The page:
long ppm = 5000L * (th - 2) / (th + tl - 4);
  while (digitalRead(pwmPin) == HIGH) {}; // wait for pulse to go low
  delay(10); // allow output to settle.
  return int(ppm);

Here is a sample of the results from the Arduino Serial Monitor.

The first column is the analog reading, the middle column from the PWM interface and the right column from the serial interface.

The analog readings are all over the place. I don't think this interface is useable.

UPDATE: The analog output actually appears to be unbuffered. Using my DMM which has a Zin of about 10MΩ the voltage readings were within a couple of % of the serial readings. It was the relatively low Zin of the Arduino ADCs sample and hold messing things up. So, a unity gain op-amp buffer should do the trick.

The PWM interface is pretty consistent with the UART interface, although every so often there will be a bad reading.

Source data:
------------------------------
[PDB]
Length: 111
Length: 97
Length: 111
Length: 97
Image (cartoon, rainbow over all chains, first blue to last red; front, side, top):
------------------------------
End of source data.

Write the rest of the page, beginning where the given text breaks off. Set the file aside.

The Serial interface is clearly the winner and if you implement the checksum algorithm specified in the datasheet I would expect 100% reliable readings.


To give the module a long term test, I set it running overnight in out bedroom with the following somewhat worrying results.

The y-axis is ppm of CO2 and the x-axis time (1 sample per minute).

I used the PWM measurement method and you can see the frequent misreadings (perhaps 1 in 50). But the trend is pretty good, showing the ppm rising well above 4000ppm, before the bedroom door was opened in the morning and the readings fell back to ambient values of 400ppm or so. Yes, we were all still alive!

The high overnight readings seem worryingly high for me, but at the moment, I do not have a calibrated sensor to compare with.


The sensor module's Serial interface works well and the PWM interface acceptably but the analog interface is only useful if buffered.

A serial interface that it both 5V and 3V compatible makes the module suitable for use with a Raspberry Pi or Arduino without the need for level conversion.

I cannot comment on the accuracy of the sensor without comparison to a trusted device. When I get one, I will come back here for an update.

No comments: